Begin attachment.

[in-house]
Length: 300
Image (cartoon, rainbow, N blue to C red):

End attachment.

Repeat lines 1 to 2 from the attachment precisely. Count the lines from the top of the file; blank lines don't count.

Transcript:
[in-house]
Length: 300